Artificial surfactant attenuates hyperoxic lung injury in primates. I. Physiology and biochemistry.

Published

Journal Article

Prolonged exposure to O2 causes diffuse alveolar damage and surfactant dysfunction that contribute to the pathophysiology of hyperoxic lung injury. We hypothesized that exogenous surfactant would improve lung function during O2 exposure in primates. Sixteen healthy male baboons (10-15 kg) were anesthetized and mechanically ventilated for 96 h. The animals received either 100% O2 (n = 6) or 100% O2 plus aerosolized artificial surfactant (Exosurf; n = 5). A third group of animals (n = 5) was ventilated with an inspired fraction of O2 of 0.21 to control for the effects of sedation and mechanical ventilation. Hemodynamic parameters were obtained every 12 h, and ventilation-perfusion distribution (VA/Q) was measured daily using a multiple inert-gas elimination technique. Positive end-expiratory pressure was kept at 2.5 cmH2O and was intermittently raised to 10 cmH2O for 30 min to obtain additional measurements of VA/Q. After the experiments, lungs were obtained for biochemical and histological assessment of injury. O2 exposures altered hemodynamics, progressively worsened VA/Q, altered lung phospholipid composition, and produced severe lung edema. Artificial surfactant therapy significantly increased disaturated phosphatidylcholine in lavage fluid and improved intrapulmonary shunt, arterial PO2, and lung edema. Surfactant also enhanced the shunt-reducing effect of positive end-expiratory pressure. We conclude that an aerosolized protein-free surfactant decreased the progression of pulmonary O2 toxicity in baboons.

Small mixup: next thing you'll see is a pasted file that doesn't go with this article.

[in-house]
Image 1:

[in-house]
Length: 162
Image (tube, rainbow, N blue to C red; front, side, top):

Full Text

Duke Authors

Cited Authors

  • Huang, YC; Sane, AC; Simonson, SG; Fawcett, TA; Moon, RE; Fracica, PJ; Menache, MG; Piantadosi, CA; Young, SL

Published Date

  • May 1995

Published In

Volume / Issue

  • 78 / 5

Start / End Page

  • 1816 - 1822

PubMed ID

  • 7649917

Pubmed Central ID

  • 7649917

Electronic International Standard Serial Number (EISSN)

  • 1522-1601

International Standard Serial Number (ISSN)

  • 8750-7587

Digital Object Identifier (DOI)

  • 10.1152/jappl.1995.78.5.1816

Language

  • eng